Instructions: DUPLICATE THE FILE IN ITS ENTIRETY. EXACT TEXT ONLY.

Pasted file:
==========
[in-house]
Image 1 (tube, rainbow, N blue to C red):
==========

[in-house]
Image 1 (tube, rainbow, N blue to C red):